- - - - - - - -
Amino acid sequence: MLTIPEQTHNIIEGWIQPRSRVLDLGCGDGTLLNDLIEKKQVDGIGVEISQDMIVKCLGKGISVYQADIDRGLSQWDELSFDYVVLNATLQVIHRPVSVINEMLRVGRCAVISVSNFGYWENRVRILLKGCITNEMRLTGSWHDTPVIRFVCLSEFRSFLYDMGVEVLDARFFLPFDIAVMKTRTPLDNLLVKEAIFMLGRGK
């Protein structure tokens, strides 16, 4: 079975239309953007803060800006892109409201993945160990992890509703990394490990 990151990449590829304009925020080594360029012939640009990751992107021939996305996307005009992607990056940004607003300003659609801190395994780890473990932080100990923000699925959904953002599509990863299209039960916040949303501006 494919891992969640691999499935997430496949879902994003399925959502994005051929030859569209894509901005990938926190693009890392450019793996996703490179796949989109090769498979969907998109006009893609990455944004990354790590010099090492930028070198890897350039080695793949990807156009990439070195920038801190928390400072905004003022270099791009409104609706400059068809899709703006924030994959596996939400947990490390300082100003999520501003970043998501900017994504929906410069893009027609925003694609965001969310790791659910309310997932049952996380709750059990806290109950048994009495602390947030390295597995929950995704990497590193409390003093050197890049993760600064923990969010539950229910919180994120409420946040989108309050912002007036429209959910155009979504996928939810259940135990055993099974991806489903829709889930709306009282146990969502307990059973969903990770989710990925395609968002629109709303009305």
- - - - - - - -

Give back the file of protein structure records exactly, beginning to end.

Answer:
Amino acid sequence: MLTIPEQTHNIIEGWIQPRSRVLDLGCGDGTLLNDLIEKKQVDGIGVEISQDMIVKCLGKGISVYQADIDRGLSQWDELSFDYVVLNATLQVIHRPVSVINEMLRVGRCAVISVSNFGYWENRVRILLKGCITNEMRLTGSWHDTPVIRFVCLSEFRSFLYDMGVEVLDARFFLPFDIAVMKTRTPLDNLLVKEAIFMLGRGK
């Protein structure tokens, strides 16, 4: 079975239309953007803060800006892109409201993945160990992890509703990394490990 990151990449590829304009925020080594360029012939640009990751992107021939996305996307005009992607990056940004607003300003659609801190395994780890473990932080100990923000699925959904953002599509990863299209039960916040949303501006 494919891992969640691999499935997430496949879902994003399925959502994005051929030859569209894509901005990938926190693009890392450019793996996703490179796949989109090769498979969907998109006009893609990455944004990354790590010099090492930028070198890897350039080695793949990807156009990439070195920038801190928390400072905004003022270099791009409104609706400059068809899709703006924030994959596996939400947990490390300082100003999520501003970043998501900017994504929906410069893009027609925003694609965001969310790791659910309310997932049952996380709750059990806290109950048994009495602390947030390295597995929950995704990497590193409390003093050197890049993760600064923990969010539950229910919180994120409420946040989108309050912002007036429209959910155009979504996928939810259940135990055993099974991806489903829709889930709306009282146990969502307990059973969903990770989710990925395609968002629109709303009305």